From the first sentence of anything I write, readers have no doubt that I am a southern girl, born and bred in Nashville, Tennessee. My Connecticut Yankee husband and I met at Emory University, where I majored in English literature. After a fortunately very brief stint in Philadelphia while my husband was in optometry school, we returned to the Atlanta area, finally settling to raise our two sons in Suwanee, Georgia.
In the late 70’s-early 80’s, Emory’s English department provided a deep education in literature by important authors like Faulkner, Hemingway, Chaucer, Milton, and others currently more obscure like Edmund Spencer and John Donne. As a product of that program, I resisted the label of “romance writer” for many wasted years, and even hesitated to send my novels out into the world for fear of ridicule by my literary peers.
Then two miraculous things happened. One, at the suggestion of a friend, I attended a Georgia Romance Writers meeting. These authors are smart and serious about their careers. Far from being the fluff of popular criticism, they tackle issues like PTSD, bullying and abuse, depression, and chronic illness, all subtly woven into stories of love and fun and hope. Their meeting speakers address all manners of craft, from the appropriate use of grammar to doing research before you write about a setting or occupation you have no qualification to use. There is fun, too, and eroticism, but there are enough subgenres of different heat levels and motivations to provide room for any writer who needs a home.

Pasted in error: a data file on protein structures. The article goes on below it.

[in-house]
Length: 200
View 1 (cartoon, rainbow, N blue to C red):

Second, I realized that two of my favorite authors, Jane Austin and Charlotte Bronte, were romance writers before it was even a thing. Heady company for a housewife from a small town in Georgia. Another more contemporary author, Diana Gabaldon of Outlander fame, is also considered a romance writer. I should be so lucky to write a beautifully as she.
I have lots of other interests besides writing, but somehow they all seem to make it into my stories. My husband and sons supersede any and all other activities, but with the boys grown, that is a far less time-consuming occupation than it used to be. I love to cook, and make the best chocolate chip cookies known to man (according to my cookie fans!). My husband and I started travelling in earnest about 2013 and continue to explore the world with great enthusiasm. I was an avid gardener until I developed a wicked allergy to the fire ants that are everywhere in Georgia. With a bucket list a mile long, I expect to have a continuous stream of new settings and adventures to share with my readers.
Thanks for stopping by! I look forward to meeting you online and in person.